The other defendants in the civil case include Home Life Healthcare Corp., Medex Home Healthcare Incorporated, Medex Home Services Agency, Inc., Nelson K. Hodogbey, Physicians Preferred Home Care, Inc., Felicia Hayes, Tosheta Brown Greenfield, Comet Home Healthcare, Inc., Miranda Home Healthcare, Inc., Vivian Nwakah, Jessica Nwakah, Christopher Theopilus aka Christopher Nwakah, A & Z Home Health Care, Inc., Felix I Omorogbe, Patricia Omorogbe, Bestmed-Care Services, Ltd., Adonis, Inc., Akpevwe S. Olidge Pro Vita Home Care, LLC, Elmerson Villa, Felicito Sugay, Maria Alferez, Christeen Rosales, Rodel Bugayong, Govvas Health Care Services, Inc., Valentine Akpata and Gloria Akpata.
“Home-health fraud has become a significant problem nationally and particularly in the Chicago area,” Assistant U.S. Attorney Stephen Chahn Lee argued in the government’s sentencing memorandum. “Such fraud cannot happen without people like defendant, who abuse Medicare’s rules and abuse the trust placed in them by Medicare and their patients.”
Gumila is one of several defendants convicted in the federal investigation of Doctor at Home. The prior convictions include ALAN NEWMAN, a physician from Chicago, and JAMES ADEMIJU, a nurse from Matteson, Illinois who operated two nursing agencies. In a plea agreement, Newman admitted falsely certifying patients for nursing services even when he knew the patients did not need such care. Newman admitted causing approximately $2.6 million in losses to Medicare, according to his plea agreement. Ademiju pleaded guilty to billing for unnecessary services that were improperly authorized by physicians from Doctor at Home, and he acknowledged making illegal payments for patient referrals.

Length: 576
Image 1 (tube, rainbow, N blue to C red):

Evidence presented at Gumila’s two-week trial included a surreptitious audio recording in which Gumila can be heard telling a new doctor to “paint the picture” of patients so as to make them appear confined to their homes. Emails from Gumila were also shown to the jury, including one in which she referred to a physician who did not read orders before signing them as “the type of doctor we need [b]ecause he will just do what we tell him to do.”
Gumila’s conviction was announced by Zachary T. Fardon, United States Attorney for the Northern District of Illinois; Lamont Pugh III, Special Agent-in-Charge of the Chicago Region of the U.S. Department of Health and Human Services Office of Inspector General; Michael J. Anderson, Special Agent-in-Charge of the Chicago Office of the Federal Bureau of Investigation; and Kristie Osswald, Special Agent-in-Charge of the Chicago Office of the Railroad Retir,ement Board Office of the Inspector General.
The investigation was carried out by the Medicare Fraud Strike Force, which is part of the Health Care Fraud Prevention & Enforcement Action Team (HEAT), a joint initiative between the Justice Department and the U.S. Department of Health and Human Services to prevent fraud and to enforce anti-fraud laws around the country. Dozens of defendants have been charged in numerous fraud cases since the strike force began operating in Chicago in 2011.
The government is represented by Mr. Lee and Assistant U.S. Attorney Vikas Didwania.